Re: [gardeners] Hot, sweaty, and feeling good

George Shirley (
Wed, 08 Apr 1998 09:03:38

At 12:46 AM 4/8/98 -0400, you wrote:
>Cynthia, that sounds like an enormous job all for one summer..
>Is it a new house for you, or a new hobby? Do you work it all
>alone? How much property is there? And when is your last frost date? 
>My garden's been in about 12 years or so, and we are still cutting back
>the borders of the lawn. If we don't, then Jimmie's Weed Whacker 
>whips off the lower branches of all the shrubbery when he's trimming
>the lawn, and it all looks awful..  Faced with that job again now, I am 
>wondering just what is a sod cutter? The landscape boys have lawn
>trimming down pat: they sharpen their straight-edged shovel to a knife
>edge, then place the shovel on the grass at a 45 degree angle, give
>one thrust, and go ka-choong, ka-choong all the way around in about
>60 seconds! We tried that, and managed to get the shovel to penetrate
>the soil in 60 seconds ...   
>I don't mind hauling it away to the compost -- it's the digging which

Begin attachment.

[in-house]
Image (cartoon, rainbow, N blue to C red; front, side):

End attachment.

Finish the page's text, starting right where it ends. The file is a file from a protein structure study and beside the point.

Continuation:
>kills me. 
>Here in zone 6, it's too cold to plant anything except the earliest
>stuff such as peas. We're still cleaning up from the winter mess
>of leaves, pine needles, and broken branches. Oh yes, it is lawn
>cutting time, nevertheless -- when Jim does it on time, we let the
>grass fall, but often he's late, and that means he's got to collect
>it all, and cart it to the compost. More work, of course.
>Does anybody have experience with adding lots of pine needles to
>the compost? We get swamped with them every fall, and last autumn
>was the first time we included them in the compost. They have NOT
>decomposed even one tiny bit! 
>Penny Stamm, NY
>You don't need to buy Internet access to use free Internet e-mail.
>Get completely free e-mail from Juno at
>Or call Juno at (800) 654-JUNO [654-5866]
Penny: Take your pine needles, row them up on the grass and run over them
with the lawn mower. If you have a bagging lawn mower it's even better.
They tend to mat if they're not chopped up. Of course the matting helps if
you use them as a mulch for acid loving plants. Our azaleas, blueberries,
and hydrangeas are mulched with pine needles.